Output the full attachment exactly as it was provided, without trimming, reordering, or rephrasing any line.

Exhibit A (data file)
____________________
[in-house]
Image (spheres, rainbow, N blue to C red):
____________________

[in-house]
Image (spheres, rainbow, N blue to C red):